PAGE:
Ordinary Citizens Recruited As Ad Spies
August 08, 2003 (PRLEAP.COM) Business NewsMiami, FL, — They're everywhere. And when they find you, they're going to get you buy something you may have never intended to buy.
They're Ad Spies - strategically placed, 'ordinary' people who infiltrate crowds and deliver word-of-mouth advertising cloaked in everyday conversation. At bus stops, on commuter trains, at ballparks and even at work unwitting captive audiences are being subjected to subliminal advertising messages that appear on the surface to be casual social banter. Paid advertising mercenaries, Ad Spies could be your friends, next door neighbors or co-workers .. anyone, anywhere is suspect.
The brainchild of TMR Advertising, Ad Spies was inspired by the success of America's special forces in Iraq. TMR executives reasoned that stealth-oriented, clandestinely conducted advertising would have greater impact than traditional, in your face advertising.
The Ad Spies methodology is simple, yet subtle. For example, on the commute home onboard the train someone may mention in passing that he's starved and can't wait to get his hands on a Big Mac. Or, while waiting for a bus a co-commuter might share the fact that this is his last bus commute because he just got a great deal on a new car at a local dealer. Anywhere, anytime … wherever there's a crowd there's likely to be an Ad Spy.
"It's insidious," said Joe Ackerman, a website designer. "This is taking capitalism too far. Thanks to Ad Spies, you never know if someone on the commute to work or in the office is really your friend or is just trying to get you buy a new car."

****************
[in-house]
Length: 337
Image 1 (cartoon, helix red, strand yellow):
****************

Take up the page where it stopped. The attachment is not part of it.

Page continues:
Ad Spies are recruited, or cast, based on product/service target markets. If, for example, the target market is women 25-54 of a certain ethnic/racial and/or cultural demographic, an appropriate Ad Spy would be recruited who fits those demographic criteria.
"People will do just about anything for a buck," said Ackerman. "And that includes being a paid walking advertisement masquerading as a friend. Where will they [advertisers] draw the line?"
For TMR's Margaret Kessler, it's all about blurring lines, not drawing them.
"Whatever sells my clients' products and services, that's what it's all about in my business," said Kessler. "Sometimes it's not so much the message, but the messenger. And we've got the best messengers in the business."
For more information on Ad Spies contact Margaret Kessler at 954-456-8398, or email her at email@example.com.